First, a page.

At the Kernel Summit in Prague last week Kay Sievers and I lead a session on developing shared userspace libraries, for kernel hackers. More and more userspace interfaces of the kernel (for example many which deal with storage, audio, resource management, security, file systems or a number of other subsystems) nowadays rely on a dedicated userspace component. As people who work primarily in the plumbing layer of the Linux OS we noticed over and over again that these libraries written by people who usually are at home on the kernel side of things make the same mistakes repeatedly, thus making life for the users of the libraries unnecessarily difficult. In our session we tried to point out a number of these things, and in particular places where the usual kernel hacking style translates badly into userspace shared library hacking. Our hope is that maybe a few kernel developers have a look at our list of recommendations and consider the points we are raising.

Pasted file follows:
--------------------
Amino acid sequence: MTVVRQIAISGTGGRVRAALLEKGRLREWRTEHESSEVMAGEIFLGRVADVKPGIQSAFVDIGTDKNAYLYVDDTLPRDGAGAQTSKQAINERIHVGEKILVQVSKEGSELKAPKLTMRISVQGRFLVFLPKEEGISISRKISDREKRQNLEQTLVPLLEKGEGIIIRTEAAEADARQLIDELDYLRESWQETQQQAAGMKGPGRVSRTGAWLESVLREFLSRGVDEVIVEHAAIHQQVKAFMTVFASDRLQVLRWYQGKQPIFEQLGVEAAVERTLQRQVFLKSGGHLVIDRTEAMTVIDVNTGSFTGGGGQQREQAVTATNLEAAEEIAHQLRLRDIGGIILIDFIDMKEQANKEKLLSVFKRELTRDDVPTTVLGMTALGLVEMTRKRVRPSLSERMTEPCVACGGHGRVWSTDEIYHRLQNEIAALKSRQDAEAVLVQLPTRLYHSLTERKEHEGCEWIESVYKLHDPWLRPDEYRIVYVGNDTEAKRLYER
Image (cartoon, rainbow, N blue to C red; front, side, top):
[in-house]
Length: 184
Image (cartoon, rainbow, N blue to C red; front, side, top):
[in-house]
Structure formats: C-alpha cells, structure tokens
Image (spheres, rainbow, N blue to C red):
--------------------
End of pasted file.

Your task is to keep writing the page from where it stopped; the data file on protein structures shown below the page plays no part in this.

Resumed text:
To make things easy we have put together an example skeleton library we dubbed libabc, whose README file includes all our points in terse form. It's available on kernel.org:
This list of recommendations draws inspiration from David Zeuthen's and Ulrich Drepper's well known papers on the topic of writing shared libraries. In the README linked above we try to distill this wealth of information into a terse list of recommendations, with a couple of additions and with a strict focus on a kernel hacker background.
Please have a look, and even if you are not a kernel hacker there might be something useful to know in it, especially if you work on the lower layers of our stack.
If you have any questions or additions, just ping us, or comment below!